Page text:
Average unit volume at Handyman Matters was $868,000 for the top quartile of operators and $488,000 for the second quartile. The franchise fee is $20,000; the territory fee is $35,000 to $40,000; and other costs of investment range from $91,000 to $137,000, according to the franchise disclosure document.
Matt Hale, left, CEO of Modern Acupuncture, said he received many inquiries from private equity firms after appearing on the cover of Franchise Times.
Cameron Diaz lends celebrity shine to Modern Acupuncture
The man who arranged 50 Cent’s equity investment in Vitamin Water and Madonna’s deal with Vita Coco, Seth Rodsky and his firm Strand Equity, bought a stake in Modern Acupuncture and brought actress Cameron Diaz into the deal, too.
It is Strand Equity’s first investment in the franchise space, said Rodsky, who also co-founded lifestyle brand Draper James and production company Hello Sunshine with Reese Witherspoon.
“We reached out to Modern Acupuncture in late 2018 after identifying acupuncture as a healthcare and wellness service which we thought to be a large white space,” Rodsky said in an interview. “I’m a user of acupuncture and a lot of my friends are as well, and we started scratching our head” about the “fact that there wasn’t a distinctive brand and a scale player. When we stumbled across Modern Acupuncture we started talking.”
The three-year-old franchise based in Scottsdale, Arizona, featured on the cover of Franchise Times in August 2018, is “sort of democratizing the access to the medicine, and we partnered with them, and lucky us,” Rodsky said.
Diaz will play whatever role she wishes in the company, he said. “She’s an investor like the rest of us,” said Rodsky, who knew her through mutual friends. “Cameron Diaz is an acupuncture enthusiast” who will “round out” the investor base. “It amplifies it to an entire different ecosystem,” to have a celebrity on board. Rodsky believes in going beyond the typical celebrity endorsement to actually get the stars to become investors in brands.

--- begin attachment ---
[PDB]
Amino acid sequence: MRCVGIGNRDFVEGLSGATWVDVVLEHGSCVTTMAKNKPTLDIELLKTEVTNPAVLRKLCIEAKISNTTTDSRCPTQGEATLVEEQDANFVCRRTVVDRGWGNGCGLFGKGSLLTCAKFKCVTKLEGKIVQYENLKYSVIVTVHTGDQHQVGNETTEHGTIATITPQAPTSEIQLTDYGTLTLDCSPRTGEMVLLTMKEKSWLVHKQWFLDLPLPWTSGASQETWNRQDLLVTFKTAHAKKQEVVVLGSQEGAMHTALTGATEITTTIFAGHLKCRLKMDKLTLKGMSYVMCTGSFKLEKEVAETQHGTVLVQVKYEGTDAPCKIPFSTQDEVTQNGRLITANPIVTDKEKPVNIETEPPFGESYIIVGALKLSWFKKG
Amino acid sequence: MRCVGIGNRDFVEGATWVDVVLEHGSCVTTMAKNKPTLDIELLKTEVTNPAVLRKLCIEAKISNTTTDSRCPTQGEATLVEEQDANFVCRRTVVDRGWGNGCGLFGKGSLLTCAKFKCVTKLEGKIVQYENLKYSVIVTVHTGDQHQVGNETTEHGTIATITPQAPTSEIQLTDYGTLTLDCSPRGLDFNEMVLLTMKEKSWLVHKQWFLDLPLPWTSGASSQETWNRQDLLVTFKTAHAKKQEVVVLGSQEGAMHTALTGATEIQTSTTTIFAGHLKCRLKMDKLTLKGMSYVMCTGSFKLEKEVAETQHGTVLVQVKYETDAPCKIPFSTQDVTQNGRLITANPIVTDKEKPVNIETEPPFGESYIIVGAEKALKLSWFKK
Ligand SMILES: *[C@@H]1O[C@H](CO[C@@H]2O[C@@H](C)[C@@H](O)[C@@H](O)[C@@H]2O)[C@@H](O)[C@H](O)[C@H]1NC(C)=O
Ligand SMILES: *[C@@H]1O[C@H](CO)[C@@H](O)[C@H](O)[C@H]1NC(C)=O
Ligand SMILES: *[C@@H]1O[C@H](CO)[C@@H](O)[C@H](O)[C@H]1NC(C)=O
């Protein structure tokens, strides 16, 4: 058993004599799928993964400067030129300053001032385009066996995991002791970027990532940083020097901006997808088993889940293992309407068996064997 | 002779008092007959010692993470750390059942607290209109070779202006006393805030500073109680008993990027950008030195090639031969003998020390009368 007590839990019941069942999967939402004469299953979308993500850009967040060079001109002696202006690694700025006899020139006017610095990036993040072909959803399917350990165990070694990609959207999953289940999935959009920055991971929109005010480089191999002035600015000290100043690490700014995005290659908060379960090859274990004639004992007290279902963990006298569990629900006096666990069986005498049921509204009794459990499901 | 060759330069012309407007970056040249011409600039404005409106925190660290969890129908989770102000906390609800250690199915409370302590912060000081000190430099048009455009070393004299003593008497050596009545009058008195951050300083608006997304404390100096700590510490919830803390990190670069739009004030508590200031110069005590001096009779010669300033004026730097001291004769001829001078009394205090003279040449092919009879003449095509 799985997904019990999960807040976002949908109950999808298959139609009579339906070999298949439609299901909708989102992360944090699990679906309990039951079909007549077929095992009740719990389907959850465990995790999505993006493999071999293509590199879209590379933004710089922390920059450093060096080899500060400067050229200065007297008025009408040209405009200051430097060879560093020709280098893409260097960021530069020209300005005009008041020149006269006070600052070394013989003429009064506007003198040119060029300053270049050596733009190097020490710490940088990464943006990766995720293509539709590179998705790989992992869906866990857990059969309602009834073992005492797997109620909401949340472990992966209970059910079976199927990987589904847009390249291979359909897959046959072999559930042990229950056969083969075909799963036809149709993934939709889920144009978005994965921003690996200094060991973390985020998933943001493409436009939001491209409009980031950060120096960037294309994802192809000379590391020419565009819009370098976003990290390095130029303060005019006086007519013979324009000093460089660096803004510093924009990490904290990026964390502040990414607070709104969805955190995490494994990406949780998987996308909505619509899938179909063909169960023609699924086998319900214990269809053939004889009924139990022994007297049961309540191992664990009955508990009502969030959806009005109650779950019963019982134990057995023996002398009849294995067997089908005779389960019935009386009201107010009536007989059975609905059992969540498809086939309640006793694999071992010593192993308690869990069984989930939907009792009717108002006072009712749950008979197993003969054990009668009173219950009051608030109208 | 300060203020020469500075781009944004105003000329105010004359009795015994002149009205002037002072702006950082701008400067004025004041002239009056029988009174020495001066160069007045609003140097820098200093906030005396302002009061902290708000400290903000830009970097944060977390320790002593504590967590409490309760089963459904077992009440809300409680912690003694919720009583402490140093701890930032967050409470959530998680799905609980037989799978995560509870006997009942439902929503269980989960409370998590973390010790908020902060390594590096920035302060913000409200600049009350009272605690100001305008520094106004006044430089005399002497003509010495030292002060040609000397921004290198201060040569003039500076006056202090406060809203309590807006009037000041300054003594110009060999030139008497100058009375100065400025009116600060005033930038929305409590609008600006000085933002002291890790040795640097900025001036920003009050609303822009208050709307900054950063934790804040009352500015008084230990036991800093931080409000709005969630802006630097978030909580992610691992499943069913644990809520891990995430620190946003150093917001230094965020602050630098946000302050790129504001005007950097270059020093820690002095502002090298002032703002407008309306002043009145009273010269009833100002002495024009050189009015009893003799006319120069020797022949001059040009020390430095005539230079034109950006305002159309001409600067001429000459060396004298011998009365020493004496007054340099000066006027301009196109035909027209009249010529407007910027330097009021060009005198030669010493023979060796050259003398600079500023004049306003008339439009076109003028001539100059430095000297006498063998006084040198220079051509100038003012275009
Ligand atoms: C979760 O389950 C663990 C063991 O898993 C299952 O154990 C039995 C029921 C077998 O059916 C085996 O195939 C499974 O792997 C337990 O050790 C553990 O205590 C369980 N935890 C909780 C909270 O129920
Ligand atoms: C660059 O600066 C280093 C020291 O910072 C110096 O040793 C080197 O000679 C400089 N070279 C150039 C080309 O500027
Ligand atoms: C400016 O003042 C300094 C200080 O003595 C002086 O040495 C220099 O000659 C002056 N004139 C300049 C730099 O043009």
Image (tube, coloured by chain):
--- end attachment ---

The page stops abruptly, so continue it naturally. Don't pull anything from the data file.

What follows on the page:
Matt Hale, CEO of Modern Acupuncture, laughed when I suggested on the eve of its October announcement he had “gone Hollywood on us.” Said Hale: “We’re doing everything we can to drive utilization and the acceptance of acupuncture across the country.”
After the Franchise Times cover story, he said, “We had a ton of private equity groups reaching out just to understand what we were doing.” He retained a consulting group in the Scottsdale area to help him sort out the options, and that led to Strand Equity.
Strand’s differentiator? “It’s their ability to access relationships and things they’ve done in the past. They’ve tied that influencer-slash-celebrity into the deal.”
Modern Acupuncture has 60 units open and expects to double that number with openings next year. About 180 licenses are sold, Hale said
Kitchen Wise helps customers organize bath and kitchen spaces, like these shown above. Kitchen Wise is the second acquisition and fifth concept under the Premium Service Brands umbrella.
Frequent founder adds ‘automatic fit’ in Kitchen Wise
Paul Flick is the founder of three franchises—360 Painting, Pro Lift Doors and Handyman Pro—and he just completed his second acquisition, adding Kitchen Wise under the Premium Service Brands umbrella.
Kitchen Wise “provides another service offering that we don’t already have that is very complementary to our other service offerings,” he said. “When we look at an acquisition, we always look at, how do we leverage the end user, which is the customer. This is just an automatic fit.”
Kitchen Wise is a kitchen, bathroom and pantry organization concept with three units that costs $70,000 to $100,000 to start. “There’s lots of white space,” Flick said, adding franchisees of his other brands become interested whenever he acquires or starts another.
“Most have a single brand, but more and more we have franchisees who have taken on multiple brands,” he said. “We like them to start one brand, prove themselves, scale it and then bring on others.”
Asked which is more difficult—founding or buying—he did not hesitate. “Starting is waaaaaaay more difficult and heartburn and everything else,” he said. “I will probably not start another one. I enjoy the challenge for sure, but it’s a lot more work.”
Flick started 360 Painting in 2006, after working as a student painter in his college days. It has 140 units.
Pro Lift Doors, with 34 units, followed in 2015. He started it believing it was more recession-resistant than painting. “Most people can’t go to Home Depot and install a garage door,” he said.
The acquisition of Maid Right, his first, came in April 2018, today with 24 units. Next he started Handyman Pro, to meet “the overall demand and need for … more all-encompassing” services, he said.
Flick hasn’t brought on other investors so far. “It’s all me, good or bad,” he said. “For me, I want to make decisions that are not necessarily on a timeline,” he said. “If I think an investment needs to be made, if I’m not going to see a return on investment for five or seven years,” he’s said he’s fine with that but perhaps others would not be.